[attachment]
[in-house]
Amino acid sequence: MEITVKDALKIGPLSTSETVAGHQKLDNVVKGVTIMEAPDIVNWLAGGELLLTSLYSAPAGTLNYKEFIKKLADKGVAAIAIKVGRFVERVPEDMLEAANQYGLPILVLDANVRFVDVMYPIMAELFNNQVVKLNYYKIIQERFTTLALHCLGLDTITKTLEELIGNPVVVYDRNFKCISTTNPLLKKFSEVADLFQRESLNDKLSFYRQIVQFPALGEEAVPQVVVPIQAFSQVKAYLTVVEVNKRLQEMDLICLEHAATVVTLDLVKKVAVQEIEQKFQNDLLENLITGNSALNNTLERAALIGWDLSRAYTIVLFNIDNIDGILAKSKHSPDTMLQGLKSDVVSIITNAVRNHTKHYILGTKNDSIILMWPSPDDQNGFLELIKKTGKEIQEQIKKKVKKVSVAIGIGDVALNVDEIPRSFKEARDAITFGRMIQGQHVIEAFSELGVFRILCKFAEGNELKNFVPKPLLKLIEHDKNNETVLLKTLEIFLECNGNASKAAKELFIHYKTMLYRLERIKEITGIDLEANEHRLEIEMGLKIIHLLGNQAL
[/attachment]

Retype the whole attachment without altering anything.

[in-house]
Amino acid sequence: MEITVKDALKIGPLSTSETVAGHQKLDNVVKGVTIMEAPDIVNWLAGGELLLTSLYSAPAGTLNYKEFIKKLADKGVAAIAIKVGRFVERVPEDMLEAANQYGLPILVLDANVRFVDVMYPIMAELFNNQVVKLNYYKIIQERFTTLALHCLGLDTITKTLEELIGNPVVVYDRNFKCISTTNPLLKKFSEVADLFQRESLNDKLSFYRQIVQFPALGEEAVPQVVVPIQAFSQVKAYLTVVEVNKRLQEMDLICLEHAATVVTLDLVKKVAVQEIEQKFQNDLLENLITGNSALNNTLERAALIGWDLSRAYTIVLFNIDNIDGILAKSKHSPDTMLQGLKSDVVSIITNAVRNHTKHYILGTKNDSIILMWPSPDDQNGFLELIKKTGKEIQEQIKKKVKKVSVAIGIGDVALNVDEIPRSFKEARDAITFGRMIQGQHVIEAFSELGVFRILCKFAEGNELKNFVPKPLLKLIEHDKNNETVLLKTLEIFLECNGNASKAAKELFIHYKTMLYRLERIKEITGIDLEANEHRLEIEMGLKIIHLLGNQAL